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Astronomy reaches out across the globe at Truro High

Astronomers at Cornwall's top school set their gaze on international collaboration today as they linked up with hundreds of students in Egypt to conduct an ancient experiment on a truly global scale.

Using the sun’s rays in a 2000-year-old science experiment, Truro High School pupils have been linking up over 100 Egyptian students at the library in Alexandria – who will also be using the same calculation method on Midsummer’s day – to share their findings and calculate the circumference of the earth.

With the guidance of Physics teacher, Mrs Clare Hallam, Maths teacher, Miss Cath Harding, and the Director of the Roseland Observatory, Brian Sheen, the girls used the shadow angle of the sun and some basic trigonometry to estimate that the circumference of the earth is 39,000 km.

Mrs Hallam explained that the girls were recreating the Eratosthenes Experiment which has been undertaken by scientists for nearly 2000 years.  

Based in the Great Library at Alexandria, Eratosthenes lived at the centre of science and learning in the ancient world. His experiment is regarded as one of the most important of the period; the accepted figure today is only a few percent different from Eratosthenes’ calculations, impressively close for an ancient astronomer without modern tools.

Before they began the experiment Brian told the girls how Eratosthenes arrived at his figure. He knew that on one day of the year the sun shone to the bottom of a well in Aswan and that every day a shadow was cast by the Great Obelisk in Alexandria. He measured the angle of the obelisk’s shadow at the exact time the sun hit the bottom of the well and, using the angle measured with the distance between the obelisk and the well, estimated the circumference of the earth.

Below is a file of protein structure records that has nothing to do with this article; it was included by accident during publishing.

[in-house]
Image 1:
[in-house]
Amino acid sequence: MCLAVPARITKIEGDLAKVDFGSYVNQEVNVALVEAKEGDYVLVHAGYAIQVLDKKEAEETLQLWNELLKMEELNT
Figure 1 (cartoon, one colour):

“It’s great to see an incredibly simple experiment produce such an impressive measurement,” said Mrs Hallam. “The girls were thrilled with their results and can’t wait to share them with the students in Alexandria – it’s a fantastic opportunity to take part in science with an international perspective and share in the spirit of enquiry together.”

The school is a firm believer in educating girls about the many opportunities Astronomy can offer and regularly undertake special astronomical projects involving school children from across the county and beyond. The School’s pupils also have the opportunity to undertake GCSE Astronomy as an extra-curricular activity in Year 8 and 9.

In partnership with the Roseland Observatory, Truro High is home to mainland UK’s only solar observatory.

Published by: Grace Kennard

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